US to probe Twitter for breaking laws following lawsuit from ex-employees

They are seeking severance and punitive damages for "flagrant bad faith".

San Francisco: The city officials here are opening an investigation into Twitter following a lawsuit from former employees who claimed that Elon Musk’s transition team deliberately planned to breach contracts and not pay promised severance, among other things.

The lawsuit from six employees alleged that Musk’s team “knowingly broke local and federal laws,” reports San Francisco Chronicle.

They are seeking severance and punitive damages for “flagrant bad faith”.

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“Twitter’s new leadership deliberately, specifically, and repeatedly announced their intentions to breach contracts, violate laws, and otherwise ignore their legal obligations,” the six former employees alleged in a lawsuit filed in the Delaware federal court in the US.

The former employees alleged that Musk’s team instructed staff to disable lights and “install locks that wouldn’t open during an emergency at employee bedrooms at 1355 Market St., violating building codes”.

Patrick Hannan, a spokesperson for the city’s Department of Building Inspection, was quoted as saying that they will be opening a new complaint and conducting an investigation into these new allegations.

Plaintiff Joseph Killian, former Twitter lead project manager of global design and construction, said he was told to disconnect motion-sensitive lights because they were “bothering people trying to sleep, despite Twitter’s landlord rejecting that request”.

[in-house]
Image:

Killian was also told to install space heaters, violating the lease, and install door locks that “were not compliant with life safety and egress codes”.

The lawsuit alleges that Musk’s attorney Alex Spiro “loudly opined that it was unreasonable for Twitter’s landlords to expect Twitter to pay rent, since San Francisco was a s***hole”.

Twitter’s landlord in San Francisco had sued the micro-blogging platform over not paying rent.

Reports had surfaced earlier this year that Musk converted rooms at Twitter headquarters in San Francisco into small bedrooms, featuring unmade mattresses, drab curtains and giant work monitors.

The beds were prepared for remaining “hardcore” staffers to be able to stay overnight at the office.

There were reports of Twitter employees sleeping on the floor at the office after Musk took over the company.

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